The E4 system is way more dynamic than something like Through the Ages, where your A3 game (and more importantly wonder and impact eligibility) are based on a very small number of late A2 and early A3 choices.

All this is to say I think the end game choices continue to be as complicated as early parts of the game and I don't agree that you hit a point where you just run your engine over and over again. Just my two cents.


I only have two games under my belt but this is exactly how I saw E4.


I haven't played the game since BGG.Con, since I'm awaiting my copy. This seems like it could be excruciating playing with players with AP issues (like myself). Could the issue be helped by having a good player-aid showing the trade-offs for those buildings? Is it so complicated that it could be helped by using a spreadsheet, or does that break the game-feel?
 
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Richard Dewsbery
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timbur wrote:
This seems like it could be excruciating playing with players with AP issues (like myself).

It is. Believe me, it really is.
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Could the issue be helped by having a good player-aid showing the trade-offs for those buildings?

Not really. A better solution is just to beat the AP player to death with a rolled-up copy of the rulebook.
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D Clevenger
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RDewsbery wrote:

Not really. A better solution is just to beat the AP player to death with a rolled-up copy of the rulebook.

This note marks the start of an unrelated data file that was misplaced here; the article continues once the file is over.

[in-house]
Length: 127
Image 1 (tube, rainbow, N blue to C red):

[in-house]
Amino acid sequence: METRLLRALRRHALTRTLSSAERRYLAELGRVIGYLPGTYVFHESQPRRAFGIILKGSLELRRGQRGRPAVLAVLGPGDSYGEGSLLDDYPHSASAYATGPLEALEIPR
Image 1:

I disagree. The rule book is very thin. If you have a binder for the Advanced Squad Leader rule book, hit them with that.
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Geppo Muzzak
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The question is: did they announce a timeline for the expansion? Is there a clue on when we may expect it?
 
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W. Cracker
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It always boggles me that we're talking about expansions when we've hardly scratched the surface exploring this really deep & thinky game. But that's board gaming I guess. Cult of the new and acquisition disorder.
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Geppo Muzzak
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You must be joking, I haven't ordered it yet and I would like to order it WITH the expansion.
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W. Cracker
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GShock112 wrote:
You must be joking, I haven't ordered it yet and I would like to order it WITH the expansion.

Exactly my point